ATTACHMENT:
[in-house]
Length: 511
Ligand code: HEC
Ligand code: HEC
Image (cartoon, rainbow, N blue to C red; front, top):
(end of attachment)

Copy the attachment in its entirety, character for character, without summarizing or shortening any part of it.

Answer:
[in-house]
Length: 511
Ligand code: HEC
Ligand code: HEC
Image (cartoon, rainbow, N blue to C red; front, top):